Your years were a kind blemish.
A velvet lined box with a stucco exterior.
Your cigarette smile tinted the perfection of your happiness.
And every time I gave you my heart,
you would exhale inside my passion
with the chemicals of your regret.
When songs were sung like smokers cough to desperate lungs,
I figured the tone would escape from your eyes—
and blossom like a lotus tomb. To where,
recovering from recovery would be something like an empty table.
hungering for a new start—
for something that is palatable.
I can’t remove the sin from your skin,
the ambush of your character and your mind,
is something you’ll have to retrieve yourself.
I know the cost of existing is almost too unbearable for you.
But when the climb of day doesn’t hurt you anymore—
You will rise from your coffin, close the lid
Keep the ashes of your thoughts in an urn on your mantle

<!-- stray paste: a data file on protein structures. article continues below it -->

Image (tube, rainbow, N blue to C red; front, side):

and remember your resurrection.
as the face without a face.
No features, no qualities.
Nothing to make me think you were a sane being.
Ghosts in your eye sockets haunt your character of mind
what made you forget how to be human?
Like a celifane sack draped over the breath of consciousness
I remembered how to live.
But there was no reason, no purpose.
Just the fidgeting sweat pockets trapped in my palms.
This common cold of my heartbeat
And the drums in my chest are forever mute.
Levi J. Mericle is a poet/spoken-word artist, lyricist and fiction writer from Tucumcari, N.M. His work has appeared in multiple anthologies and can be seen in many lit magazines and journals such as, Black Heart Magazine, Apricity Magazine, Mused, Flash Fiction Magazine, eFiction India, Awakenings Review, University of Madrid’s literary journal and more.